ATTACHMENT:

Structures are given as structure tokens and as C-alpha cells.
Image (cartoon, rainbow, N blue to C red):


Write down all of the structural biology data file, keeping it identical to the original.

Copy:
Structures are given as structure tokens and as C-alpha cells.
Image (cartoon, rainbow, N blue to C red):